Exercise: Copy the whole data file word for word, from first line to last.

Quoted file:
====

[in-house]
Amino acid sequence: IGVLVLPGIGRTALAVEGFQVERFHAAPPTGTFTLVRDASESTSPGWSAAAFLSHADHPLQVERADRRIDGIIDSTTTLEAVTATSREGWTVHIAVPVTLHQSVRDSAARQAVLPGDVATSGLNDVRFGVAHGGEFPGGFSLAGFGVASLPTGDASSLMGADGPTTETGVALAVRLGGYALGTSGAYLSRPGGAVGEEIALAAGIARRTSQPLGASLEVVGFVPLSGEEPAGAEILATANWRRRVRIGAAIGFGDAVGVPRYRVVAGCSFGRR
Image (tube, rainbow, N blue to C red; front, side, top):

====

[in-house]
Amino acid sequence: IGVLVLPGIGRTALAVEGFQVERFHAAPPTGTFTLVRDASESTSPGWSAAAFLSHADHPLQVERADRRIDGIIDSTTTLEAVTATSREGWTVHIAVPVTLHQSVRDSAARQAVLPGDVATSGLNDVRFGVAHGGEFPGGFSLAGFGVASLPTGDASSLMGADGPTTETGVALAVRLGGYALGTSGAYLSRPGGAVGEEIALAAGIARRTSQPLGASLEVVGFVPLSGEEPAGAEILATANWRRRVRIGAAIGFGDAVGVPRYRVVAGCSFGRR
Image (tube, rainbow, N blue to C red; front, side, top):